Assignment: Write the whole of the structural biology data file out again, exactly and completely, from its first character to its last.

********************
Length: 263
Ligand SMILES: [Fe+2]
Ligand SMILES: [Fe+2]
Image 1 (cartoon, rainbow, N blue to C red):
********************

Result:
Length: 263
Ligand SMILES: [Fe+2]
Ligand SMILES: [Fe+2]
Image 1 (cartoon, rainbow, N blue to C red):